Two of his men chuckled at that, and the leader fixed Sai’on’ay with a look, the smile disappearing. “There is nothing in these woods that scares us, little Wizard. We will happily escort you to its boundary, in exchange for your valuables. We tend to find that people who refuse this generous offer…have difficulty finding their way out,” he said, patting the handle of his axe to emphasise the point.

Sai’on’ay nodded, feigning obedience, and slipping a hand under his cloak, carefully withdrew what appeared to the bandit leader to be a dark, precious jewel, a couple of inches long and cut into careful facets. He stepped forward hesitantly, appearing to falter and stumble, then dropped to the side and flicked his hand out, tendrils of magic extending from his fingertips and causing the underbrush near one of the bandits to burst into flame. The man yelped and dropped his torch, further inflaming the kindling, as he sought frantically to leap out of the range of the fire.

Seeking to capitalise on the disturbance, Sai’on’ay sprang to his feet and made to escape, but his path was swiftly blocked by the bandit leader, his powerful frame closing the distance quicker than expected. “Wrong choice,” he said, unconcealed eagerness in his voice, as he brought the axe to bear and swung at the Elf. It went wide, however, as Sai’on’ay hurriedly stepped away from the assailant, and turned to come face to face with another of the bandits.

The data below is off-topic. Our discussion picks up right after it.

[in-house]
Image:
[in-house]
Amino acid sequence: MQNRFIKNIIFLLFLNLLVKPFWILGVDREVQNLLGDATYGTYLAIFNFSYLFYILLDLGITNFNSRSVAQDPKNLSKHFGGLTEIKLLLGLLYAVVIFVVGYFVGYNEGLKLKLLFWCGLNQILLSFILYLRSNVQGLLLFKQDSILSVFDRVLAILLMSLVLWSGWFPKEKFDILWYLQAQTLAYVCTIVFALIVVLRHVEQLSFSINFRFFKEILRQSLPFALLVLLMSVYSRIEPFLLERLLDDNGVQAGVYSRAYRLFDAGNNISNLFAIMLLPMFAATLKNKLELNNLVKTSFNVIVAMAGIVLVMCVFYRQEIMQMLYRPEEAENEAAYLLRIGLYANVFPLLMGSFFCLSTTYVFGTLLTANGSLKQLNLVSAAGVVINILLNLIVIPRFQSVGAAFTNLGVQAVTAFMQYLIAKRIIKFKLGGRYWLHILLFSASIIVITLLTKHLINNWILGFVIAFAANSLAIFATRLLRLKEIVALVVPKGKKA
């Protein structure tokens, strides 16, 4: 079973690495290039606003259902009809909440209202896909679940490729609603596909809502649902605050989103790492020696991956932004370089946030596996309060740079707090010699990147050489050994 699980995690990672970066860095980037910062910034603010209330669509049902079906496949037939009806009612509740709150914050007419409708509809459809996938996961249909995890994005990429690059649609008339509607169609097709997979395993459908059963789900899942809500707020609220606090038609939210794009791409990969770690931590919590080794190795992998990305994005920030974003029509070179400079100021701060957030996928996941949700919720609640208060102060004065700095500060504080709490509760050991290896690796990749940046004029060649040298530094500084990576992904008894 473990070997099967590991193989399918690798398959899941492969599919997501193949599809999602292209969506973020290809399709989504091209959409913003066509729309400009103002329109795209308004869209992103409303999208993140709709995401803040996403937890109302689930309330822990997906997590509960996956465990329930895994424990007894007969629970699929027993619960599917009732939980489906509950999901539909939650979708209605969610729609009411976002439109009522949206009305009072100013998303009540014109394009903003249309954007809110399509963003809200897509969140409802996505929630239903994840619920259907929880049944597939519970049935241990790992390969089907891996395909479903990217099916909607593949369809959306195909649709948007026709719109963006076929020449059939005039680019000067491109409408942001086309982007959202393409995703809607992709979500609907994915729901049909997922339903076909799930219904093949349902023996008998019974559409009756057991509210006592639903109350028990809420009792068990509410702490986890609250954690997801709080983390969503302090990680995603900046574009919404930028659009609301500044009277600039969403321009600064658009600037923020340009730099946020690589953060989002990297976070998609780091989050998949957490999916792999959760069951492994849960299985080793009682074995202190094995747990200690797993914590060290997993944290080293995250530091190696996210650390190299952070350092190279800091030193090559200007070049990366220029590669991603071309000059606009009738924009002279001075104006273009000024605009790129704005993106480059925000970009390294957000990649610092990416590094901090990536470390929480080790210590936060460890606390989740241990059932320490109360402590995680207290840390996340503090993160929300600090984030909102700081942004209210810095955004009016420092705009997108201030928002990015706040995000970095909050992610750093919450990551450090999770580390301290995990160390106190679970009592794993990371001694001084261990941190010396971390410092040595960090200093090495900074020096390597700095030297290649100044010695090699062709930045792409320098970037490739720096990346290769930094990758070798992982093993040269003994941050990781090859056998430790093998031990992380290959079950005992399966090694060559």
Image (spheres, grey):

The man raised his mace but the Wizard was quicker, surprising him by leaping forward and touching a crude necklace on the bandit’s neck, speaking rapid words of command as his arcane focus flared with brilliance. The incandescent gem swiftly faded as it was channelled into the necklace, and the bandit reared back as bright light emanating from his good luck charm blinded him before he could land a blow. Sai’on’ay ducked away from the man then cried out as pain lanced his arm, a crossbow bolt slicing his flesh as it narrowly avoided burying itself in his shoulder.

He looked up to see the fourth man reloading his crossbow, and hurriedly spoke the words of command as he tugged urgently at the Weave with his fingertips. The flames licking the bandits’ torches shuddered and drew inwards towards the mage, flickering out of existence before they reached him. The thicket suddenly grew dimmer with only the flames in the underbrush for illumination, then became a lot dimmer for Sai’on’ay as the haft of the leader’s axe slammed into the back of his head, and the Wizard collapsed to the ground, fighting for consciousness.